Newspaper article The Journal (Newcastle, England)

Tidal Wave of Sound; CLASSICAL MUSIC for Centuries, Classical Composers Have Serenaded or Mimicked the Forces of Nature. David Whetstone Reports on a Music-Making Enterprise Which Lets Nature Do All the Work

Newspaper article The Journal (Newcastle, England)

Tidal Wave of Sound; CLASSICAL MUSIC for Centuries, Classical Composers Have Serenaded or Mimicked the Forces of Nature. David Whetstone Reports on a Music-Making Enterprise Which Lets Nature Do All the Work

Article excerpt

The aeolian harp was named after Aeolus, the ancient Greek god of the wind. It is a musical instrument "played" by the wind - just like the chimes that the Chinese were hanging up some 3,000 years ago. You could say that ~Flow is following in a long tradition of natural music although it is reliant on the tide rather than the wind for the sounds it makes.

We reported on ~Flow in the last issue of Culture when it was still under construction at the boatyard in Amble, Northumberland. Now it is on the Tyne, where it opened to the public on March 25 and will be the focus of various musical events throughout the summer.

It was conceived by Tyneside musician Ed Carter and Manchester art group Owl Project, comprising Simon Blackmore, Antony Hall and Steve Symons.

Others, including Amble boatbuilder Nick Spurr, Bedfordshire engineer David Willcox and London architect Nicky Kirk, have also had a hand in the construction of ~Flow, which was the pounds 500,000 project chosen by the Arts Council to be its Artists Taking the Lead project for the Cultural Olympiad in the North East.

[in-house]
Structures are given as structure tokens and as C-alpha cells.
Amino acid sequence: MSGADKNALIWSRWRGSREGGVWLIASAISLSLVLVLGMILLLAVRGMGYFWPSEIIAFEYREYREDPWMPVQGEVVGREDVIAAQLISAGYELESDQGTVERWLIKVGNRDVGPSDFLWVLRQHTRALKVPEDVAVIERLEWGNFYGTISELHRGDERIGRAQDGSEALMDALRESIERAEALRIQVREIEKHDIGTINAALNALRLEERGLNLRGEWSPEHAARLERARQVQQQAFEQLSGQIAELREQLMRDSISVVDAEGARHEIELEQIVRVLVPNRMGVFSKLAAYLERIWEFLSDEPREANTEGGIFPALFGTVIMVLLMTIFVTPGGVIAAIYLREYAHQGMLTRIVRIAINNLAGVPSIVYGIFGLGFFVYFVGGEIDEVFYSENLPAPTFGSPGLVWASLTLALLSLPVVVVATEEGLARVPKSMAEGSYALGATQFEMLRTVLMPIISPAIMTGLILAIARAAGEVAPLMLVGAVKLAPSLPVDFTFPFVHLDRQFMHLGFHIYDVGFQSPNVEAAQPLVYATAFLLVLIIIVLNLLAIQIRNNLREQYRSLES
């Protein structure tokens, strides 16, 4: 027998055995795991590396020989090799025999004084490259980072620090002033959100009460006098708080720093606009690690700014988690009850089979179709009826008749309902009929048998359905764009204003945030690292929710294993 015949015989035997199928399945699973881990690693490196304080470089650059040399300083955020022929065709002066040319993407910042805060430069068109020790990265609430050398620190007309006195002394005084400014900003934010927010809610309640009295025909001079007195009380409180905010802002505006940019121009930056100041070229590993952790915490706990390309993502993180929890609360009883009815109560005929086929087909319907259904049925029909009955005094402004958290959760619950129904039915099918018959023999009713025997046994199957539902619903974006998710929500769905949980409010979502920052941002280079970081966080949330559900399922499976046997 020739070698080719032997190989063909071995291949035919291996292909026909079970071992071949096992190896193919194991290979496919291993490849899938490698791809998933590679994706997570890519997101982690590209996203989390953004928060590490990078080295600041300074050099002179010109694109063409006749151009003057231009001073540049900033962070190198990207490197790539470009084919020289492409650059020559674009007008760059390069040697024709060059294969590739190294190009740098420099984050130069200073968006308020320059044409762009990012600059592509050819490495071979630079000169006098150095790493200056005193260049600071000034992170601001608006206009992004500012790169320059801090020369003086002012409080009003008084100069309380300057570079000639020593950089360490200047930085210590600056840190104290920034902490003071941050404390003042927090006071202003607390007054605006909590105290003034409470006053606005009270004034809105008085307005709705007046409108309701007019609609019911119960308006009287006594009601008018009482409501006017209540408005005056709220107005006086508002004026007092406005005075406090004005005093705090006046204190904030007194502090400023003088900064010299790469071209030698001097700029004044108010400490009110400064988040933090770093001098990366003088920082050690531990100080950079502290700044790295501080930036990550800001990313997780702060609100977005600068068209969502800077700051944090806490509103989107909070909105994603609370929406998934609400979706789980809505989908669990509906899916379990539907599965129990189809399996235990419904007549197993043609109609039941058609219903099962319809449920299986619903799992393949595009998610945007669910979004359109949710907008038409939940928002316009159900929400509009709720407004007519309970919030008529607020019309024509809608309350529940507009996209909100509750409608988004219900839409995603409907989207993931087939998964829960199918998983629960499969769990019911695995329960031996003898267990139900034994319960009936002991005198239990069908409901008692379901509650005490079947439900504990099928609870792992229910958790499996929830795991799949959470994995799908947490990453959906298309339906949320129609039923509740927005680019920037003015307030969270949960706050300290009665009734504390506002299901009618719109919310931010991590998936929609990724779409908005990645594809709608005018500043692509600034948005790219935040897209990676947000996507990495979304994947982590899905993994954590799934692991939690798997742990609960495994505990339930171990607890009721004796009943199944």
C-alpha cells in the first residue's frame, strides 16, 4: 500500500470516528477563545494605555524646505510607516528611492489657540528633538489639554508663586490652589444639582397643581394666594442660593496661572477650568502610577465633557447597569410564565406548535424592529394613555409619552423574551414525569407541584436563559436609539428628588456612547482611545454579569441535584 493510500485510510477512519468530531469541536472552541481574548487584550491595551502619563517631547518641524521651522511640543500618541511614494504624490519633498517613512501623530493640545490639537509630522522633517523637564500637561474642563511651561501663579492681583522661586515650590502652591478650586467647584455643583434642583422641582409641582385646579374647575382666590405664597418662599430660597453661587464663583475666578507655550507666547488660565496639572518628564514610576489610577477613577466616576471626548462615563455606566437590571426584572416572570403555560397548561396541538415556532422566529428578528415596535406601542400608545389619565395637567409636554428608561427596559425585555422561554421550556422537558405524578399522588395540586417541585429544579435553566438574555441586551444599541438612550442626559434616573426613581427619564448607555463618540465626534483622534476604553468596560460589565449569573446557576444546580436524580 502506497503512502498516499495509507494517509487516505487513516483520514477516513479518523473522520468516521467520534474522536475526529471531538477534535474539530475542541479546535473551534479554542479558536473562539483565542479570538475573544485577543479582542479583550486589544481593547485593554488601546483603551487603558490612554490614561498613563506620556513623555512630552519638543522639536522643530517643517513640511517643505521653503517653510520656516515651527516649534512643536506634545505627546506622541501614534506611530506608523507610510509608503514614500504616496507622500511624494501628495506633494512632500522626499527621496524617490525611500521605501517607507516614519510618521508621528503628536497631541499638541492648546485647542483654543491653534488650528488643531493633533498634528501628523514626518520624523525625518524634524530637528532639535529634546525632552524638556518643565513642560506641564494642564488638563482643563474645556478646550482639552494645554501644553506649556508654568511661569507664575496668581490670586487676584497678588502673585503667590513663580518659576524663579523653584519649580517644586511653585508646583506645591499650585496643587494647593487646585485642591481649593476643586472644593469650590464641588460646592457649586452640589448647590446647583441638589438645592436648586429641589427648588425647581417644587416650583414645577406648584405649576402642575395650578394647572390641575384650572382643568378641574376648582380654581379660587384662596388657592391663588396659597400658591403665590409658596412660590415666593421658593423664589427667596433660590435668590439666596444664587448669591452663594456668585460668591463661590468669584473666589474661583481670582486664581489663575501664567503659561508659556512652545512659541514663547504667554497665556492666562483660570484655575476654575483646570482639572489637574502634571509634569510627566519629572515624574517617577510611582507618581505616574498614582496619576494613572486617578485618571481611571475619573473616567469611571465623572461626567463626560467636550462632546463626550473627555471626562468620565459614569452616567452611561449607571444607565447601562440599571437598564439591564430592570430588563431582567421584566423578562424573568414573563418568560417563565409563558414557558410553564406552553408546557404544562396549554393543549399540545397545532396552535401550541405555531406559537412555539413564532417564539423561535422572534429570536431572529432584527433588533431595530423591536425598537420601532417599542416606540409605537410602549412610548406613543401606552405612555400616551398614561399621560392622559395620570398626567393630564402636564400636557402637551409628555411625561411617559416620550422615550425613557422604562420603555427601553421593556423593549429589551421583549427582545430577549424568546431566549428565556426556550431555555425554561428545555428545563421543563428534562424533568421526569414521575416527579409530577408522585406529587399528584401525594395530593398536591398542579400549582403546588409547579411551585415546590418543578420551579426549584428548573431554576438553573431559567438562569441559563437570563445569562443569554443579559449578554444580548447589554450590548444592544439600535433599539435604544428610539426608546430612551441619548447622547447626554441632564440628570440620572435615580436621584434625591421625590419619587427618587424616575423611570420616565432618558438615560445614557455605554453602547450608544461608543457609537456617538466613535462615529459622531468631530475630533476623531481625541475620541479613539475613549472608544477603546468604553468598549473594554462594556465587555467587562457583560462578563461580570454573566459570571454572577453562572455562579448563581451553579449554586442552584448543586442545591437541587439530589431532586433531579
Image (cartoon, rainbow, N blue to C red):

The scheme also includes other major projects around the country.

The creation dreamed up by Ed Carter and Co is now a quirky and appealing reality. Described by the Arts Council as electro-acoustic musical machinery powered by the River Tyne, it is a real blend of science and the arts.

The sounds it makes, projected through home-made wooden "speaker horns", are determined by the incoming and outgoing tide which turns David Willcox's specially constructed mill wheel.

But the quality of the river water is also a factor, with the salinity, turbidity (sludginess) and nitrate level recorded by its inner workings determining its musical emissions.

Inside the vessel its constituent parts are handily labelled so you'll know that the array of glass jars and the synthesiser board resembling a log are the salinity sampler sequencer. Bellows and a bubble synthesiser also add to the curious squeak, pop and oompah of ~Flow's natural and continual symphony.

The outward flow of the tide, says Ed Carter, who also performs music as Winter North Atlantic, has proved to be a little stronger than the inward, due to the added swell of the water running off the fells.

There are plenty of composers and musicians who would have loved the possibilities opened up by this intriguing boat-instrument.

John Cage, whose unconventional music has been celebrated both at Baltic and The Sage Gateshead, would have made something of it, you feel.

Throughout the summer the musical properties of ~Flow will be explored through a range of different events, all of which can be seen on the website www.flowmill.org On April 10 (and again on May 10) there will be a series of creative sessions led by The Sage Gateshead's learning and participation ensemble whose members specialise in percussion, voice, piano, fiddle and tin whistle. …

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